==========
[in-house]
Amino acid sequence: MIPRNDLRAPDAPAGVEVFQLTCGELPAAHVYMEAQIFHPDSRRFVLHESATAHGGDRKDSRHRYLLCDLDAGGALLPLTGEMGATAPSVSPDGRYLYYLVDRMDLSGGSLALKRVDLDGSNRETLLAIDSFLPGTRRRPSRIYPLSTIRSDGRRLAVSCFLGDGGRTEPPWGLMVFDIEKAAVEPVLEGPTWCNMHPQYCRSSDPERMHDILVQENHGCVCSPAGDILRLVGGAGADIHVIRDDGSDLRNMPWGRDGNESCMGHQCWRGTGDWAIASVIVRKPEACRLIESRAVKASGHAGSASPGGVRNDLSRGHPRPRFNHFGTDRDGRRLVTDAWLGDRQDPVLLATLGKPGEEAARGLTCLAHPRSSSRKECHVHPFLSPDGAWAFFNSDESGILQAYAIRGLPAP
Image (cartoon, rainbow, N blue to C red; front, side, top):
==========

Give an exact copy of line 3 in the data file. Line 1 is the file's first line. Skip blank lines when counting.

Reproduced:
Image (cartoon, rainbow, N blue to C red; front, side, top):